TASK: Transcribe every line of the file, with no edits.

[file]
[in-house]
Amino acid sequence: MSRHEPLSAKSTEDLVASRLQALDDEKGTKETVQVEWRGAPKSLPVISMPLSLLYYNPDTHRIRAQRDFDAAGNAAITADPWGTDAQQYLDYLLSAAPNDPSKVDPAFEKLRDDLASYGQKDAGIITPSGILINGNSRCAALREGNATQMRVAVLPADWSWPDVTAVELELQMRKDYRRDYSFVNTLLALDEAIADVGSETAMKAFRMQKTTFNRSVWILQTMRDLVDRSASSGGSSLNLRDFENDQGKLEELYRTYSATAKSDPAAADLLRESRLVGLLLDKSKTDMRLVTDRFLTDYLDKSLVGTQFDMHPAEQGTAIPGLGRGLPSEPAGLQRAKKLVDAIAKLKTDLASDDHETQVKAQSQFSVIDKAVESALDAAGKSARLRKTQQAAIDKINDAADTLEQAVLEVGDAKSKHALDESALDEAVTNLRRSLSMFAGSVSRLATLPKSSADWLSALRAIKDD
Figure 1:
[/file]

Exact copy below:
[in-house]
Amino acid sequence: MSRHEPLSAKSTEDLVASRLQALDDEKGTKETVQVEWRGAPKSLPVISMPLSLLYYNPDTHRIRAQRDFDAAGNAAITADPWGTDAQQYLDYLLSAAPNDPSKVDPAFEKLRDDLASYGQKDAGIITPSGILINGNSRCAALREGNATQMRVAVLPADWSWPDVTAVELELQMRKDYRRDYSFVNTLLALDEAIADVGSETAMKAFRMQKTTFNRSVWILQTMRDLVDRSASSGGSSLNLRDFENDQGKLEELYRTYSATAKSDPAAADLLRESRLVGLLLDKSKTDMRLVTDRFLTDYLDKSLVGTQFDMHPAEQGTAIPGLGRGLPSEPAGLQRAKKLVDAIAKLKTDLASDDHETQVKAQSQFSVIDKAVESALDAAGKSARLRKTQQAAIDKINDAADTLEQAVLEVGDAKSKHALDESALDEAVTNLRRSLSMFAGSVSRLATLPKSSADWLSALRAIKDD
Figure 1: